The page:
A set of keys to doors at a key Los Alamos National Laboratory research center containing nuclear materials was missing for 16 hours last week before they were discovered.
An investigation into the missing keys for Technical Area 18 - a canyon-bottom testing site that has drawn criticism over security concerns in the past - showed that two shift changes of security guards went by without anyone accounting for the "escort" set of keys, said Kevin Roark, a spokesman for the laboratory.
The investigation also determined that no security breaches occurred before the keys were discovered missing, Roark said.
"No one was allowed unauthorized access to any areas at TA-18 during this event... We've determined without a doubt there was no unauthorized activity," Roark said.
Energy Secretary Spencer Abraham made a commitment during a speech in May to move nuclear materials out of TA-18 because, according to federal officials, the area is difficult to defend and vulnerable to terrorist attack.
Moving the weapons-grade nuclear material to the Nevada Test Site is scheduled to begin in September.
The Los Angeles Times reported in May that TA-18 by some estimates contains a ton of plutonium or highly enriched uranium that could be used by terrorists to construct a crude weapon. The site includes several fortified blockhouses, a vault where plutonium is kept and several administrative buildings.
Protection Technology Los Alamos, a subcontractor, manages the guard force for the area.
"TA-18 is the most vulnerable nuclear weapons facility in the country," said Beth Daley of the Project on Government Oversight, a Washington, D.C.-based watchdog group. "If we're concerned about any one site, it's that one."
Daley said the loss of the keys "is further evidence that security at Los Alamos is weak" and that the DOE needs to move forward with plans to improve security standards in the nation's weapons complex.
The keys that went missing are used by the guard force when escorting people in and out. Roark would not say which doors in the facility could have been opened by the missing keys‹ but that some of the keys opened doors to break-rooms and restrooms.
At 6:45 a.m. on June 18, a security guard called his shift commander to report that a key ring was missing. An immediate sweep of TA-18 was ordered, according to a Protection Technology incident report.
Thirty minutes later, a guard officer assigned to TA-18 during times the keys were used for escorts said he was not aware the keys were missing, the report says.
Ten minutes after that, another guard‹ who was known to have had the keys last, on June 16‹ reported that he had properly returned the keys following an escort; another guard said he had inventoried the key set properly on that date, according to the incident report.
By 9 a.m., security personnel had confirmed that they keys "were indeed missing," the report says.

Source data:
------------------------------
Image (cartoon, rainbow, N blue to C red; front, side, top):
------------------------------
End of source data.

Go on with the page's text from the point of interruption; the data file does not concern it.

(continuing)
The lab's management expects PTLA to investigate the failure to follow protocol to account for every key set at each shift change. Roark said.
"We would expect them to revisit these procedures and to implement changes if appropriate... and to implement any personnel action should that be appropriate," Roark said.
Even though the keys were missing for 16 hours, "we don't believe there was an increase in vulnerability," he said.
But security activity intensified following the discovery, he said.
"You can't legislate perfection, but you can be ready to take action when you have a problem," Roark said.
The locks on TA-18's doors were reconfigured "almost immediately" after the keys were discovered missing, Roark said.
The keys were found on Tuesday, during a third, intensive search of the area. The keys were found in a vehicle for the lab's guard force parked at TA-18, he said. While the vehicle had been searched previously, the keys were lodged under some equipment that hadn't been moved during earlier searches. There is no evidence the keys were used by anyone while they were lost, Roark said.
"The lab management's position is that we intend to hold Protection Technology fully accountable for this event," Roark said.
Lab Director Pete Nanos has called for PTLA to be held responsible, but not to the extent of losing its contract, Roark said. PTLA may be required to pay the cost of reconfiguring the locks.
"It's too early to say, but there will be repercussions," Roark said.
Requests for comment from PTLA were referred to Roark.
The TA-18 facilities are used for criticality experiments that investigate nuclear chain reactions and to train personnel for a variety of federal agencies.
In May, Abraham called for eliminating keys altogether as part of the security system at the nation's weapons labs.
"We all know that we've experienced a number of problems with lost keys and key cards," Abraham said. "This is not only unacceptable; it is also unnecessary." He called for moving toward a system of "keyless access control technology."
"It's time for DOE to get these plans going," POGO's Daley said Thursday.
Copyright 2004 Albuquerque Journal